It’s November. A rockstar leader, his historic mandate now in the rear-view mirror, is bruised and abused in a mid-term campaign and as the results stream in, a battering rams through his record of electoral triumph. An atmosphere of hyper-partisan hysteria hovers over him, as the Opposition, till recently limp, appears to have limbered up. And just as criticism over the domestic defeat is deafening, he jets off abroad.
That was United States President Barack Obama in November 2010, after a self-described “shellacking” during which his Democratic Party lost seats in the Senate and gubernatorial mansions in states he had carried easily in the presidential elections, like Pennsylvania, New Hampshire, Wisconsin, Iowa and Ohio. Republicans gained 63 seats in the House of Representatives and with it the majority they had ceded during former President George W Bush’s tenure, a casualty of the Iraq war. The Democrats even lost the Senate seat in Illinois, which, till November 2008, was occupied by Obama. He left the Washington mob for New Delhi and a far more receptive crowd.
That, curiously enough, is yet another parallel of the similar political trajectories defined by Obama and his ‘friend’, Prime Minister Narendra Modi. Sure, they inhabit different realms of the political spectrum, but both got an early taste of how the charm of change can turn to chagrin. Just as Modi’s image was transmitted onto the British Parliament this week, Obama’s probably the only other global leader to have had a similar experience of such juvenile activism: In the summer of 2014, a German artist and the anarchist Anonymous group collaborated to project his image on to the US Embassy in Berlin, with the legend, ‘NSA in da house’. That came a year after a similar escapade, when the words read, United Stasi of America (Stasi referring to the vicious East German state police). That fixation with fascism has been transmitted to Modi now.
In the months following that November, Obama rarely regained momentum. The US economy remained sluggish, jobs weren’t being generated, and the faithful were fretful. That mood changed in May 2011, with the extra-territorial execution of Osama bin Laden in Abbottabad. It was a turning point, and, no surprise, a refrain during his 2012 re-election campaign. Obama had gone quickly from comatose to commander-in-chief. That doesn’t mean a prescription for Modi’s maladies is taking out, say, Lashkar-e-Taiba chief Hafeez Saeed or even Dawood Ibrahim. Given the softness of India’s security sensitivities, that’s about as probable as Pakistan taking action against them.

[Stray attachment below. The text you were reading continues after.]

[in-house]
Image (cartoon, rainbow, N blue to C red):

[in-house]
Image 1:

But there are other lessons looming. In the wake of the November drubbing, Obama reacted: “The message of the election is I need to do a better job. I need to take direct responsibility for slow progress.” In a crisis, like the South Carolina church shootings, Obama was quick to communicate his concern. Modi is equally gifted in gabbing, but has struggled for words when they can offer a swift salve. More significantly, Bihar may have humbled his party but there is little humility forthcoming in a high command culture. An honest appraisal of shortcomings could be more beneficial than being cocooned in an echo chamber.
If Obama still had his healthcare platform to rally the troops around, Modi has no signature policy initiative of such appeal. And, no, the Make in India icon on Twitter is no substitute for a substantial position. This is less about that amorphous Idea of India, and more about the lack of an ambitious idea from the government.
Obama had a rocky road to November 2012, but once he personally figured on the ticket, he prevailed. Even if that Hope from the 2008 campaign only stayed on faded, fraying Shepard Fairey posters, at least Modi can take solace from Obama’s rebound. Over the years ahead, he will, obviously, need a sound record rather than sounding like a stuck record. Upon that will rest the job security of India’s incumbent PM when his contract with the Indian voter comes up for renewal in 2019. Taking responsibility, with its multiple layers of meaning, may be a place to start.
Anirudh Bhattacharyya is a Toronto-based commentator on American affairs
The views expressed are personal